Why Sprinters Are Performing Better Than Ever
Professional sprinters continue to beat their own records year after year, but it's not only that runners are improving beyond what was previously thought impossible. According to a new study, technological interventions are helping sprinters keep up their frantic pace.
Steve Haake of Sheffield Hallam University's Centre for Sports Engineering in the UK has developed a model called the "performance-improvement index" that uses very simple physics to compare the relative growth of top athletes in different sports over the last 100 years.
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His model shows that the performance-improvement index in the men's 100 meter sprint is increasing at a time when performance in other events, such as javelin and swimming, have plateaued or decreased.
Haake noted the step-change in the men's 100 meter spring in the mid-1970s with the introduction of fully automated timing as innovations that have changed the sport and added to higher rates of broken records.
And it's not just runners that are boosted, or burdened, by changing technologies.
Whether it is tighter-fitting full-body swimsuits that have helped swimmers break 25 of 47 world records in 2008 and 2009 alone, or changing regulations about the size and shape of javelins in the 1980s that altered the center of gravity of the apparatus and caused a reduction in throwing distances of nearly nine meters, the study shows that there is more than just an athlete's physical ability that goes into breaking a record.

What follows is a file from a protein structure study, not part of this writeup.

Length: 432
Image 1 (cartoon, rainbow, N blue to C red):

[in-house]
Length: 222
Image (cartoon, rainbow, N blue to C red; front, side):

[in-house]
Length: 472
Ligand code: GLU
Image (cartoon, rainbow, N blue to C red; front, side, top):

"One way of finding out how exactly technology affects sporting performance is to examine the physics involved. We can then try to quantify the effect of technology on sporting events -- and find out whether it really is all about the equipment," Haake said in an article published in the journal Physics World, according to Business Standard.
The swimsuits, which have now been banned by swimming's ruling body (FINA), were relatively tight and reduced the cross-sectional area of the body by pulling it into a more cylindrical shape, thus reducing drag. They were made from polyurethane, which also affected the way the water flowed over the body, reports Phys.org.
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